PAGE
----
Not my president | Protestors demonstrated against Trump’s election from Ithaca to New York city Wednesday.

Hiroko Masuike / The New York Times

Not my president | Protestors demonstrated against Trump’s election from Ithaca to New York city Wednesday.

November 10, 2016

C.U. Student Minority Groups Anticipate ‘Disheartening’ Increase in Marginalization

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In the wake of the election of a president who has openly expressed suspicion and disdain for entire portions of the populace, Cornell minority groups have said they are “horrified” and enraged by Trump’s victory.

Stephanie Hahm ’17, president of the Cornell Asian Pacific Islander Student Union, said the organization is “deeply worried” based on the rhetoric of this election cycle, which she believes will further the marginalization of minority communities.

Trump’s comments on Muslim Americans has also been particularly alarming for a group that already faces “immense difficulties” gaining acceptance in American society, according to Nabiha Qudsi ’18, president of the Muslim Educational and Cultural Association. The president elect has said he would consider using his position to prevent Muslims from immigrating to the United States. ­

“We are even more fearful than ever of the violence and discrimination that will inevitably be increased as a result of Trump’s rhetoric,” Qudsi said. “Many of us are afraid to continue day-to-day activities because of any discrimination that Trump will encourage.”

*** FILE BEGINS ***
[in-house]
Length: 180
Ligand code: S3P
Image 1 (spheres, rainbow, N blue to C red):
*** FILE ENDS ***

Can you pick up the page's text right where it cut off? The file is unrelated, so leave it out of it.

Akhilesh Issur ’17, Student Assembly international student liaison, added that Trump’s presidential policies will likely impact international students’ ability to work in the United States.

“The international student community stands in solidarity with the minorities that have utterly been disrespected in this election,” Issur said. “We also apprehend that it might be harder for international students to get job visas after graduation, as a result of a Trump presidency, but we respect the democratic choice of the American people.”

Erika Axe ’18, co-president of Mixed at Cornell, pointed out the irony of Trump taking the presidency immediately after Barack Obama, who is mixed race.

“This election is an insult to every mixed person and minority who has ever been told that our racial identity is not for ourselves to decide, or that we should go ‘back to where you came from,’” Axe said. “Where do we go? This ‘mixing pot’ country is our home. This is where we belong.”

Many student groups also shared their hope that Cornellians will be able to unite to counteract any that discrimination that Trump’s presidency may bring.

In a statement, Mixed at Cornell said they will continue to “extend open arms” to students seeking support, stressing that the mixed community “was born from the love between those of differing backgrounds and experiences.”

“It is incredibly disheartening to watch the safety and well-being of many of our friends, family and neighbors become threatened by an unwillingness to protect the diversity that exists in our nation,” the group said.

The Arab Student Association echoed Mixed’s intentions, saying they plan to strengthen their ties with other groups on campus that feel their culture or values are under attack.

Hahm added that she hopes the “immense grief” and anger currently pervading the Asian American community will translate into an impetus for social change.

“We’re seeing an immense sense of empathy and anger from others, which is something that we haven’t seen in a while,” Hahm said. “This is powerful for us as CAPSU, because it will add passion for coming together and mobilization to fight for a future that we believe everyone deserves.”